This paper considers how legal technology, defined here as the use of digital information and communication technologies to automate or part automate legal work process, to provide decision support to legal service providers, and to provide legal information and advice directly to clients/end users, is re-shaping both legal work processes, and the organisation and governance of legal practice. Starting from an essentially descriptive and functional account of legal technology, the paper explores its role in changing the temporal-spatial and organisational characteristics of practice, and in creating new challenges for the regulation of legal services. The paper then moves explicitly into sociological theory to address the question how new legal technologies are reshaping the landscape of professional knowledge and expertise itself. It concludes by drawing together implications of these various strands for the future sustainability and legitimacy of the legal profession in its present form.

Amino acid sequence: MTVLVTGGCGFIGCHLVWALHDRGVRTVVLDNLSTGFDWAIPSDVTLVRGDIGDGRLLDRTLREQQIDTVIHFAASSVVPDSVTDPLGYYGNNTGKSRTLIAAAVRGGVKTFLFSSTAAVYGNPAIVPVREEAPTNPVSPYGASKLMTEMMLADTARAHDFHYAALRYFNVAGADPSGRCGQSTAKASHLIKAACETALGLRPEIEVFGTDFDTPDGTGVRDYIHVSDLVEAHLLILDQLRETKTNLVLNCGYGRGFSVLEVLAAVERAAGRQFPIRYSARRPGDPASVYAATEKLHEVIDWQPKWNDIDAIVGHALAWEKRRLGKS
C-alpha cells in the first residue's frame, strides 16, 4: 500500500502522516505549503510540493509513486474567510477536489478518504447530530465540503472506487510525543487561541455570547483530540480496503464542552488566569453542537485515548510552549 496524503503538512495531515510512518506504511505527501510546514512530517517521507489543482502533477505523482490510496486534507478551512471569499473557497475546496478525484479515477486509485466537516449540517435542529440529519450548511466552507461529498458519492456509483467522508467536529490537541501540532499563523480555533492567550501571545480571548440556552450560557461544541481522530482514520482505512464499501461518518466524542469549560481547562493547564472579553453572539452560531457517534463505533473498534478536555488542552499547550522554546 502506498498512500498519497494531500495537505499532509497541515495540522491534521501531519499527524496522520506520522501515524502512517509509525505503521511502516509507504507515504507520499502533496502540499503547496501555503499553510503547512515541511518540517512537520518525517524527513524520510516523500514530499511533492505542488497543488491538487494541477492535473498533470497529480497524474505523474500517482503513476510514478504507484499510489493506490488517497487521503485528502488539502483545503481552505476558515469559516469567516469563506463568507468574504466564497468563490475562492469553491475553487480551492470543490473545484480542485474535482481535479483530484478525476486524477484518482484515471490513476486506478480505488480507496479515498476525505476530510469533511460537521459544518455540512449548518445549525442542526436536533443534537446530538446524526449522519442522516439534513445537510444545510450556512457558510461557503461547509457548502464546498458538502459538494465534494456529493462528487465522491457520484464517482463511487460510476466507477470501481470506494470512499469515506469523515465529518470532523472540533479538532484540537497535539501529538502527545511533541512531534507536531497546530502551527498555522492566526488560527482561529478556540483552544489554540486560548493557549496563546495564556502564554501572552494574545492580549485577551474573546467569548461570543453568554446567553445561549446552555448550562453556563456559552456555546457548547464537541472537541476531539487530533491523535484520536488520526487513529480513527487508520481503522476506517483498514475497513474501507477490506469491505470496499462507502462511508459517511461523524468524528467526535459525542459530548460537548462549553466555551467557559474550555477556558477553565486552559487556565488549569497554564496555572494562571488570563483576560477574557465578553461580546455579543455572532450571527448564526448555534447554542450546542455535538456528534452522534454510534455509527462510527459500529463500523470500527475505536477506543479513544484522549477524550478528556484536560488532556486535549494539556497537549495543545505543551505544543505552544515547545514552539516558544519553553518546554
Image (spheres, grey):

Webb, Julian, Legal Technology: The Great Disruption? (July 31, 2020). U of Melbourne Legal Studies Research Paper No. 897, Available at SSRN: https://ssrn.com/abstract=3664476 or http://dx.doi.org/10.2139/ssrn.3664476